Meanwhile, the Steem community was actively trying to reclaim its space back by mobilizing tokens. As of March 6, 10 out of 20 top witnesses were “approved,” while the remaining 10 witnesses appeared to be Steemit-affiliated players. A discussion between a group of Steem community members and Justin Sun was also held around the same time. According to a recording of the conversation, Sun mentioned that they wanted to “withdraw our votes also ASAP to give rights back to the community.”
During HIVE launched many people or groups are as messy as chicks that have lost their mothers.
I feel something is missing from the steem, what it is? Third-party exchanges that is @blocktrades. @blocktrades to say Steem support disabled on BlockTrades until nature of unknown softfork is determined.
Did they take back what was lost from Steemit? Yeah,I hope they can.
Hive has more post-hard fork plans
In its post-fork announcement, Hive reported that an unspecified number of exchanges are working to list HIVE tokens, in addition to six trading platforms who are still working on distributing airdropped assets.
Since then, Binance has announced that it completed the distribution of HIVE tokens to STEEM holders. In addition, the exchange clarified that to get listed on the platform, HIVE “will go through the same strict listing review process as Binance does for any other coin/token.” A representative for the exchange told Cointelegraph:
“Binance won’t be taking a position on the dispute itself, but we’ll continue to keep tabs on the situation and keep users informed of any changes that might affect them,” a Binance spokesperson told Cointelegraph.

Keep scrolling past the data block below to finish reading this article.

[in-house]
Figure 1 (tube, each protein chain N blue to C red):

Meanwhile, Steem stakeholders seem to be actively migrating to the Hive network. For instance, PeakD — the Hive-based version of Steempeaked and the second-largest front-end interface on the Steem platform — has already been launched. Additionally, long-time Steem witnesses are reorganizing their operation in favor of Hive by disabling their accounts on the former chain.
“I don’t plan to post more content on Steem,” Luke Stokes, one of original Steem Witnesses, told Cointelegraph, noting that he might update his content there to point to PeakD instead. He also stressed that many Witnesses have kept their nodes running but are purposely not signing blocks, which is why the participation level sometimes drops below 100%.
“There is a general consensus among the former top Steem block producers and DApps to move to Hive,” Notestein argued in a conversation with Cointelegraph:
“Many have already shutdown their nodes on Steem, and I expect most if not all to shut them down soon, as they find time to do so. [...] For myself, I’ve stopped interacting on Steem and only interact on Hive now, and this includes disabling my Steem witness node.”
Additionally, the post-fork statement mentioned that Hive.blog wallets will be launched soon, directing people to consider using the PeakD.com wallet in the meantime. Hive team also mentioned that there will be a second hard fork in the near future to upgrade the blockchain and bring additional functionality online, although little detail is available in that regard.